What do you do when the home you've lived in and loved for decades becomes too much to maintain? What do you do when cooking and keeping up the house and yard are just not that easy any more? Or if your health needs dictate a move that you really don't want to make?
This is a difficult and painful crossroads for those of us who are lucky enough to live so long.
In my own family, I was blessed with maternal grandparents who lived a very long time (appx ages 100 and 104) and who required a succession of downsizings - each one difficult, but none more so than the first. And I have seen this with my own father, too, as his needs have increased and his moves were required for his own benefit. And we've seen it with many, many other relatives too in various parts of the country.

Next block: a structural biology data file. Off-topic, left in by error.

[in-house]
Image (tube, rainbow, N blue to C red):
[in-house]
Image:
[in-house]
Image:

But the fact that it's necessary, even when everyone agrees, doesn't make it easy.
Since I have been through this process with aging relatives, and many clients too, a few years ago I got special training to assist seniors in these types of situations and others, and earned the Seniors Real Estate designation, Seniors Real Estate Specialist. Today I'd like to discuss senior housing options in and near Los Gatos for residents who need to downsize, but don't want to leave the area.